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Medium vs. Quora

The rise of Medium in 2013 reminds me of Quora in late 2010

Medium vs. Quora

The rise of Medium in 2013 reminds me of Quora in late 2010


Earlier today on Twitter, I struck up a conversation with the social marketing genius that is Gary Vaynerchuck. He had an idea for me, and when Gary speaks, it’s wise to listen: He suggested the following:

Well, OK then…I have a lot of respect for Gary’s creativity and knowledge of new social mediums, and though I’ve written a few posts here (non-tech, mostly culture and politics), I’ll give it a try. Here’s something I’d normally write on my blog as it’s tech-related, but let’s see how it does here: The increasing popularity of Medium in 2013 reminds me of Quora back in mid-late 2010. During that time, new content, information, and knowledge was created on Quora and distributed widely. Lately, though I still use Quora daily, I see less fewer links in my Twitter feed. As for Medium, on the other hand, it feels as if someone in my Twitter feed is sharing a link to a Medium post every hour, if not more.

How did this come to be?

I’ll start with Quora. Back in early-mid 2010, the beta invite to Quora was one of the hottest tickets around Silicon Valley. As they slowly let people into the system, new questions were being asked and all sorts of people were providing outstanding answers. To this day, I still feel as if Quora is the best destination for someone to go and begin to learn about Silicon Valley and all things related to technology startups. The big thing about Quora is that it was a destination. People would go there, move there attention away from Twitter, and then do all sorts of things inside the Quora garden, such as searching for information, writing answers to questions that others followed, vote up answers (or vote them down), send private messages, and follow different newsfeeds.

Today, Medium is winning the race for “platform which sends the most links to my Twitter feed.” While it’s much less of a destination, Medium’s tight integration with users’ Twitter accounts combined with the fact that a former Twitter co-founder and Blogger co-founder is behind this site makes for a very interesting property. Medium also slowly rolled out invites to write on the site and hired editorial staff to help keep quality high and curate posts. (Recall that Quora’s approach was through crowdsourcing wisdom and signal through ranking people and weighting votes.) So, Medium began slowly, as well, with high quality, and had a controlled invite system, but there’s less pressure or expectation to stay on Medium after reading. Therefore, Medium is less of a destination and more of a network of writers and content.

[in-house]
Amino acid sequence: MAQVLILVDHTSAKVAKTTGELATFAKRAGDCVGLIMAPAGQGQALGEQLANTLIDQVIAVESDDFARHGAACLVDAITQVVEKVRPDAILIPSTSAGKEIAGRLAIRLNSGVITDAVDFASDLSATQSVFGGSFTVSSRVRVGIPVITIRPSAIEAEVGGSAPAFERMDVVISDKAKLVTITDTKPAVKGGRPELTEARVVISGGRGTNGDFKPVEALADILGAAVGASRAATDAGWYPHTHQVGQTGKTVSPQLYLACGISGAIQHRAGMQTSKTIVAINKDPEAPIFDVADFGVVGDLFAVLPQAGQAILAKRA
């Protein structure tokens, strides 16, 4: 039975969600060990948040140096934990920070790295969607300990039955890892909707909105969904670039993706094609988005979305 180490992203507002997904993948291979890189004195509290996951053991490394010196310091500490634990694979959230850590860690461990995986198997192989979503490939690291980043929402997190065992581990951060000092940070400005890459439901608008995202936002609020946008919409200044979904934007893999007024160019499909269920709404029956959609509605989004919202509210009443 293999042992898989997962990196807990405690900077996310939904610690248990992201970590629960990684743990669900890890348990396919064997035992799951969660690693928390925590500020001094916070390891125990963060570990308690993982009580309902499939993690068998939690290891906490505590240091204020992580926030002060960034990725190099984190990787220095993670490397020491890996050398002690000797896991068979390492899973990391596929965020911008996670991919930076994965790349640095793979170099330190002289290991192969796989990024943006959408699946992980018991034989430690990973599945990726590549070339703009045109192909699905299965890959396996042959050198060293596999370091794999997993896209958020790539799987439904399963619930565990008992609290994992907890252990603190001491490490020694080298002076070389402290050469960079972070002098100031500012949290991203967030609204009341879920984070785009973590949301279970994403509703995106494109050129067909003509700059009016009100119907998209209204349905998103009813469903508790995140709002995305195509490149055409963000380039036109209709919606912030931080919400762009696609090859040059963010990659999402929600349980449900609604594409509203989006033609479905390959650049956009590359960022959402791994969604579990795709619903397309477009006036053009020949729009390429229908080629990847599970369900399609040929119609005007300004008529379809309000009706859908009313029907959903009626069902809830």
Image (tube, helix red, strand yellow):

[As a brief aside, I will say that as someone who writes a lot online and has used Wordpress and Tumblr for years, as well as every other publishing platform, the ease and joy of writing on Medium surpasses every other platform. From all the little details like sharing notes, feedback, and nesting comments, to the big details like making the web page feel like a clean white sheet of paper (like IA writer).]

So, what happened such that Quora links ended up in my Twitter feed less, and Medium links ended up in my Twitter feed a lot?

One, Twitter only grew in importance, rendering content sites with news and information (like Quora) to be less of a destination and more a place that Twitter and other social networks would funnel into.

Two, Quora’s product seemed to mutate away from pure “Question and Answer” with the addition of “boards,” “blogs,” and a flood of new users who were not close social connections of the initial core user base. While I still visit Quora daily, I know many people who once used it now feel overwhelmed by how dense the site is. (On Medium, one could say the opposite — it’s clean, dead-simple, easy to navigate.)

Three, the intersection of online reputation and personal branding shifted. During Quora’s rise, there was an incentive to contribute answers to questions that the crowd had posed as a means to earn respect from one’s peers. Today, there’s more pressure on people to market and brand themselves online, and Twitter takes care of the short-form of that need, and Medium is placed as an easy way to start writing long-form and building a reputation in a deeper way on the back of Twitter.

Overall, I suspect a time will come soon where Medium posts lose their luster a bit (the Eternal September of the Internet rules supreme) and the platform will go through a quieter period, like Quora did. Only time will tell if the product changes or whether people will want to write more, especially for another site and not their own blog. There’s also an opportunity for Medium to collect and organize content (like Quora does) and make it searchable, backed by an author’s relevance and reputation on Twitter.

For now, Quora is chugging along, and I’m long on Quora, though today, the momentum is with Medium. (Hat tip to Gary for motivating me to write this. Thanks!)